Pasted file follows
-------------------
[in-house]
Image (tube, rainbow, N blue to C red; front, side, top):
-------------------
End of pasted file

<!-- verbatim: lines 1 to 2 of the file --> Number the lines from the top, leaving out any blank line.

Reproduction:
[in-house]
Image (tube, rainbow, N blue to C red; front, side, top):